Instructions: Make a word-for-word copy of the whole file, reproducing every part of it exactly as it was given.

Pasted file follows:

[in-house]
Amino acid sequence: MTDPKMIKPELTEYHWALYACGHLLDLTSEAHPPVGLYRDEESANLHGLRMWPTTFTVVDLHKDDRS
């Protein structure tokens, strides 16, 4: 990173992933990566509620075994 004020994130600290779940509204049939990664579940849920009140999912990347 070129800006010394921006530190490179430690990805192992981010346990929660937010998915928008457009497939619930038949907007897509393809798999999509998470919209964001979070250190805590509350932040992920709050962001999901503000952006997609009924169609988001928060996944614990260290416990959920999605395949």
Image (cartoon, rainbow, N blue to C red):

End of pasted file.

[in-house]
Amino acid sequence: MTDPKMIKPELTEYHWALYACGHLLDLTSEAHPPVGLYRDEESANLHGLRMWPTTFTVVDLHKDDRS
């Protein structure tokens, strides 16, 4: 990173992933990566509620075994 004020994130600290779940509204049939990664579940849920009140999912990347 070129800006010394921006530190490179430690990805192992981010346990929660937010998915928008457009497939619930038949907007897509393809798999999509998470919209964001979070250190805590509350932040992920709050962001999901503000952006997609009924169609988001928060996944614990260290416990959920999605395949």
Image (cartoon, rainbow, N blue to C red):